5 Contents List of publications 7 Chapter 1 General introduction 9 PART I HISTORY, NUMBER AND NATURE OF DUTCH PROGRAMS Chapter 2 When a push is not a shove: Assertive care, Dutch-style 19 Chapter 3 European approach to assertive outreach for substance abusers: Assessment of program components 29 PART II Chapter 4 THEORY BUILDING AND OPERATIONALIZATION Towards quality indicators for assertive outreach programs for severely impaired substance abusers: Concept mapping with Dutch experts 49 Chapter 5 Towards structural quality indicators for intensive community-based care programs for substance abusers 61 Chapter 6 A cross-model taxonomy of intensive community-based care program components 79 PART III Chapter 7 USE AND ASSESSMENT OF A MEASUREMENT INSTRUMENT Characterizing intensive community-based care: Use and validation of a generic measure 99 Chapter 8 General discussion 115 Samenvatting (Summary in Dutch) 131 Appendices: ICPC Questionnaire and Factors 147 Dankwoord 179 Curriculum vitae 181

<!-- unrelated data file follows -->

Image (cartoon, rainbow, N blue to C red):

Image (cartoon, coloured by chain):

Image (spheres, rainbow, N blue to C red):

7 List of publications This thesis is based on the following articles Roeg, D. P. K., Van de Goor, L. A. M., & Garretsen, H. F. L. (2004). When a push is not a shove: Assertive care, Dutch-style. Drugs and Alcohol Today 4(2), (Chapter 2) 2. Roeg, D. P. K., Van de Goor, L. A. M., & Garretsen, H. F. L. (In press). European approach to assertive outreach for substance abusers: Assessment of program components. Substance Use and Misuse. (Chapter 3) 3. Roeg, D. P. K., Van de Goor, L. A. M., & Garretsen, H. F. L. (2005). Towards quality indicators for assertive outreach programmes for severely impaired substance abusers: Concept mapping with Dutch experts. International Journal for Quality in Health Care 17(3), (Chapter 4) 4. Roeg, D. P. K., Van de Goor, L. A. M., & Garretsen, H. F. L. (2007). Towards structural quality indicators for intensive community-based care programmes for substance abusers. Manuscript submitted for publication. (Chapter 5) 5. Roeg, D. P. K., Van de Goor, L. A. M., & Garretsen, H. F. L. (2007). A cross-model taxonomy of intensive community-based care program components. Manuscript submitted for publication. (Chapter 6) 6. Roeg, D. P. K., Van de Goor, L. A. M., & Garretsen, H. F. L. (2007). Characterizing intensive community-based care for substance abusers: Use and validation of a generic measure. Manuscript submitted for publication. (Chapter 7) The following related articles have been published 1. Roeg, D. P. K., van de Goor, L. A. M., & Garretsen, H. F. L. (2003). Bemoeizorg voor gemarginaliseerde verslaafden. IVO Bulletin, 6(3), Roeg, D. P. K., Van de Goor, L. A. M., & Garretsen, H. F. L. (2004). Kwaliteit van bemoeizorg voor gemarginaliseerde verslaafden: Structuur-, proces- en uitkomstindicatoren opgesteld met behulp van concept mapping. TSG 82(5), Roeg, D. P. K., Van de Goor, L. A. M., & Garretsen, H. F. L. (2004). Essentiële organisatieonderdelen van bemoeizorg voor gemarginaliseerde verslaafden: een concept mapping. TSG 82(3), In this thesis all texts have been adapted to English US style (e.g. programme is written as program ).